Journal of Humanitarian Affairs
Open Access (free)
Architecture, Building and Humanitarian Innovation
Tom Scott-Smith

’ ( Hartley, 2016 ) and the proposal to reclaim a ‘refugee island’ from the Mediterranean Sea ( Taylor, 2016 ). These designs have been widely circulated through social media and promoted by architectural newsletters, such as Dezeen and Arch-Daily , with large events such as the 2016 Venice Biennale adding a range of even more ambitious designs to the mix (see also Aquilino, 2011 ; Charlesworth, 2014 ; Meinhold, 2013 ; Sinclair and Stohr, 2006 ). Faced by this stream of ideas and

Journal of Humanitarian Affairs
Open Access (free)
The management of migration between care and control
Pierluigi Musarò

Tens of thousands of migrants and refugees stranded in camps in Greece and in Calais, shipwrecks and deaths in the Mediterranean, fences and walls across the Balkans, hotspots along the European Union (EU) southern borders, increasing controls within the Schengen space, military-humanitarian naval operations, the EU–Turkey migrant deal, NGOs and activists denouncing the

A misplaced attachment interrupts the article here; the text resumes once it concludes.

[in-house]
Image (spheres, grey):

in Global humanitarianism and media culture
A dialogue with Islam as a pattern of conflict resolution and a security approach vis-à-vis Islamism
Bassam Tibi

. There are two reasons. First, the scope of the study is broadened in the Middle East by extending the concept of peace from an Arab–Israeli one to a Mediterranean peace. In this understanding of Euro-Mediterranean peace 17 fundamentalism is viewed as a threat to political stability in the Mediterranean ( Tibi, 2000c ). Second, the direct security threat posed by Hamas or Jihad Islami is pertinent

in Redefining security in the Middle East
Challenges and opportunities